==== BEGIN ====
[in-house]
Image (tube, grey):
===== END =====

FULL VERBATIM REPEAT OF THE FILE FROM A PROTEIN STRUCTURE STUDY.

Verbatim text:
[in-house]
Image (tube, grey):